Native American Legends
The Legend of the Bear Family
A Penobscot Legend
Many, many generations ago, a Penobscot, his wife, and their little
son started out from their village to go to Canada. They were from
Penobscot Bay, bound for a great council and dance to be held at
the Iroquois village of Caughnawaga. They went upriver to the point
where they had to make a 20 mile portage to reach another river
that would take them to the St. Lawrence.
The man started ahead with the canoe on his back, leaving his wife
to pack part of the luggage to their first overnight campsite. The
little boy ran alongside of her. While she was busy arranging her
pack, her son ran on ahead to catch up with his father.
The man had gone so far ahead, the boy became lost. The mother
assumed the boy was with his father. When she arrived at the campground,
they discovered that their son was with neither of them. They began
a search immediately, but they could not find him.
The parents returned home to tell their story to their tribe. All
of the men turned out for a wide search party, which lasted for
several months without success. In March of the next year, the Penobscots
found some sharpened sticks near the river. They concluded that
the boy must be alive and had been spearing fish. Footprints of
bears were seen, and they thought perhaps the boy had been adopted
by a bear family.
In the village, there was a lazy man who did not enter into the
search, but lay around idly. Everyone asked him, "Why don't
you help hunt for the boy? You seem to be good for nothing."
"Very well, I will," he replied. He went right to the
bear's den and knocked with his bow on the rocks at the entrance.
Inside, a great noise arose where the father, mother, baby bear,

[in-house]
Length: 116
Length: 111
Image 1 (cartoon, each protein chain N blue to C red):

and adopted boy lived. The father-bear went to the entrance, holding
out a birch-bark vessel. The lazy man shot at it and killed the
The mother-bear says, "Now I will go." She took another
vessel, held it out at the entrance, and also was killed. The baby
bear did the same and was killed. All of the bears were laid out
dead in the cave. Then the lazy man entered and saw the little boy
terribly afraid and huddled in a dark corner, crying for his relatives
and trying to hide.
The lazy hunter gently carried him home to the village and gave
him to his parents. Everyone gave the lazy man presents: two blankets,
a canoe, ammunition, and other good things. He became rich overnight.
The boy's parents, however, noticed that their son seemed to be
turning into a bear. Bristles were showing on his upper back and
shoulders, and his manners had changed. Finally they helped him
to become a real person again, and he grew up to be a Penobscot
Indian like his father. He married and had children. Forever after
he and all of his descendants were called Bears.
They drew pictures of bears on pieces of birch-bark with charcoal
and left them at camps wherever they went. All of their descendants
seemed to do this and declare, "I am one of the Bear family."
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